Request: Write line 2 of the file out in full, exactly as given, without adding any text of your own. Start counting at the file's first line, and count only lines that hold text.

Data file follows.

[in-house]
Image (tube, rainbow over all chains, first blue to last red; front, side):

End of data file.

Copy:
Image (tube, rainbow over all chains, first blue to last red; front, side):